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By Mike Wackett (The Loadstar) – Sluggish growth, combined with the delivery of more ultra-large container vessels (ULCVs) in the past month, has widened the gap between supply and demand.
According to Alphaliner data, 1.21m teu of new container tonnage hit the water in the first 10 months of this year, of which 83% was for ships of 10,000 teu and above.
Moreover, the consultant expects a further 140,000 teu of new containerships to arrive during November and December.
With container vessel scrapping at its lowest level since 2008, judicious capacity management by ocean carriers will be essential to avoid freight rates plunging during the slack winter season.
During Drewry’s Container Market & Freight Rate Trends webinar today, Simon Heaney, senior manager for container research, suggested that there was a “slim chance” of carriers easing the overcapacity issues without “proactive changes”.
These could include idling ships by blanking sailings, or even temporarily suspending services on more challenging routes.
Alphaliner said the total containership fleet was expected to reach 22.3m teu by the end of the year, representing annual growth of 5.8%, compared with 3.7% in 2017 and 1.9% the year before.
According to the latest report from London-based shipbroker, Braemar ACM, only 38 containerships for 69,500 teu have been sold for demolition so far this year, compared with 135 vessels for 390,500 teu during the same period of 2017.
Meanwhile, according to Alphaliner’s global container port survey, throughput growth is slowing, reaching just 4.1% in the third quarter, compared with the healthier 5.6% seen in the first six months.
Among the newbuild ULCVs received this month, three 20,000+ teu ships joined the Ocean Alliance’s Asia to North Europe offering: the 21,237 teu Cosco Shipping Nebula; the 20,119 teu Cosco Shipping Sagittarius; and the 20,954 teu CMA CGM Louis Bleriot.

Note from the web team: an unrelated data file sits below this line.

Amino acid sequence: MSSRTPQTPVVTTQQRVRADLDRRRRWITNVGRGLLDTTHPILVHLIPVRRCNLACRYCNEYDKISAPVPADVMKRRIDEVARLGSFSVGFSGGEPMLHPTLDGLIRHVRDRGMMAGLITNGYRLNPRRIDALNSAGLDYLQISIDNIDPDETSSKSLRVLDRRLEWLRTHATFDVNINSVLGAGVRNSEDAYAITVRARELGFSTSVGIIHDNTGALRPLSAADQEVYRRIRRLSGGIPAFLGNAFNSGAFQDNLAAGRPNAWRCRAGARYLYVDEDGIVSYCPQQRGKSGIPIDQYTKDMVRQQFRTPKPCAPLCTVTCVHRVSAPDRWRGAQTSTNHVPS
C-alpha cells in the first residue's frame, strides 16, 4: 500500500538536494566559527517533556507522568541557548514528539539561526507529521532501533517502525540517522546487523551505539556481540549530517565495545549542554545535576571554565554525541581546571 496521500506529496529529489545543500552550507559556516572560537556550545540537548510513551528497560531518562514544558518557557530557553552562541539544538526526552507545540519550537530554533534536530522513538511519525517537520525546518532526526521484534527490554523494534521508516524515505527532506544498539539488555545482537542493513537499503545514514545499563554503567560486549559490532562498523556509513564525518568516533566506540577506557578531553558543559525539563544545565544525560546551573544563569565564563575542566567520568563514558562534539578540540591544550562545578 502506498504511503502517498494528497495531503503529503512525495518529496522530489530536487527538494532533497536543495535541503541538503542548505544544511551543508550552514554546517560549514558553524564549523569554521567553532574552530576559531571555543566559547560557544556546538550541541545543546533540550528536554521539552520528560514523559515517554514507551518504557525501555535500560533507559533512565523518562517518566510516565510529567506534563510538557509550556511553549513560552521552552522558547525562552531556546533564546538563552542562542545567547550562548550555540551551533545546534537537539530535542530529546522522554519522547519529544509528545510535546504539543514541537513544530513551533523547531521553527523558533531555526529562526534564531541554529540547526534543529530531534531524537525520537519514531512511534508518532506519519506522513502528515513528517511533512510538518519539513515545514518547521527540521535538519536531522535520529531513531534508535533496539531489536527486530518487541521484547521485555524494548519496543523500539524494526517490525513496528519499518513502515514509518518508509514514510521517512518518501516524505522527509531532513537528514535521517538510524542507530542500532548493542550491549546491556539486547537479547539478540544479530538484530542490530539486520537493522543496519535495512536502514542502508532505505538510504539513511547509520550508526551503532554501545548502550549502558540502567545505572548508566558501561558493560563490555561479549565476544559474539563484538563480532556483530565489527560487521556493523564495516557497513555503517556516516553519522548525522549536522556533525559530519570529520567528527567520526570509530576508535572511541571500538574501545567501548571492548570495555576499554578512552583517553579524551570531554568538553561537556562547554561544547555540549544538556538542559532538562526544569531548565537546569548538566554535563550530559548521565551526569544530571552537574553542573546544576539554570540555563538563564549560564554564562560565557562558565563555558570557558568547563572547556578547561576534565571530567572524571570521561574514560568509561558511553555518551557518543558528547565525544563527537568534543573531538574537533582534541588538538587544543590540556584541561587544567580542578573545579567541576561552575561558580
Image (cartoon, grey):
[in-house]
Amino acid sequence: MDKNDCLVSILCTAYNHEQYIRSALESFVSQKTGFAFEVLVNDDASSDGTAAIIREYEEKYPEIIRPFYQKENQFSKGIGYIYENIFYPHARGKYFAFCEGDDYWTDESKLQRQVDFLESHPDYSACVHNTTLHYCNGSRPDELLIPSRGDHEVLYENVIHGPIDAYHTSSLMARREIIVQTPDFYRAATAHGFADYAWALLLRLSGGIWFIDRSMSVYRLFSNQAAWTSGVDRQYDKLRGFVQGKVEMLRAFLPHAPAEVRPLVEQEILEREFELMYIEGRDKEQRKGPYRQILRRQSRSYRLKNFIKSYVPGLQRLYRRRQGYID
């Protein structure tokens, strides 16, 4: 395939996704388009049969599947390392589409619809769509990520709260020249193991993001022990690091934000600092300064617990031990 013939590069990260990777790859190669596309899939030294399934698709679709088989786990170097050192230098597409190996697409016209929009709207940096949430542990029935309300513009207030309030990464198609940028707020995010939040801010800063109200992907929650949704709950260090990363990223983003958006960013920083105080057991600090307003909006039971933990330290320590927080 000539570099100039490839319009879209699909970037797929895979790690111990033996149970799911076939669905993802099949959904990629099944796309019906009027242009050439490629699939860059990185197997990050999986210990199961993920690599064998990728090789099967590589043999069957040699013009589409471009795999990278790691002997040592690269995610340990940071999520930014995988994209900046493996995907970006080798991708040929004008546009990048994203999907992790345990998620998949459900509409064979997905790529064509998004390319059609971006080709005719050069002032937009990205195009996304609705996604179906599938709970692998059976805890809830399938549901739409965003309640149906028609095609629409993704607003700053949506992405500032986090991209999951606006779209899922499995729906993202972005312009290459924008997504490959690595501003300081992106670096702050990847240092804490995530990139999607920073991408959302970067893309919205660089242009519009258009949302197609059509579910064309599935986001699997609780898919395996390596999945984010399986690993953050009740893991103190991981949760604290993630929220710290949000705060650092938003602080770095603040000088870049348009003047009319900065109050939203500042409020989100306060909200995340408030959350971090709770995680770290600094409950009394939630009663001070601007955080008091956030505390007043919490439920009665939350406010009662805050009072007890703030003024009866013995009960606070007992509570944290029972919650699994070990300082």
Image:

They will replace smaller tonnage which Cosco and CMA CGM will aim to redeploy on other trades.
Fortunately for carriers looking for cascading opportunities, the transpacific market continues to boom, thanks to a rush of Chinese exports to the US ahead of the Trump administration’s 25% tariffs on a vast range of imported consumer goods from China effective on 1 January.
Anecdotal reports of a strong and extended peak season have been supported by OOCL’s Q3 operational numbers published this week, which saw the carrier’s transpacific liftings increase by an impressive 7.3% year on year, while revenue on the route jumped by 15.5%.
Alphaliner reports that Maersk Line has temporarily redeployed two of its E-class ships from Asia-Europe to the transpacific, to take advantage of the robust demand and spot freight rates that are some 60% higher than a year ago.
The 17,816 teu sister ships Eleonora Maersk and Eugen Maersk move to the 2M’s TP6/Pearl Asia-US west coast service for one round trip.
The vessels, which will slot into the schedule on 8 and 15 November, respectively, from China, are replacing smaller tonnage on the route, thereby adding some 4,000 teu of capacity to the tradelane.
The Loadstar is fast becoming known at the highest levels of logistics and supply chain management as one of the best sources of influential analysis and commentary.
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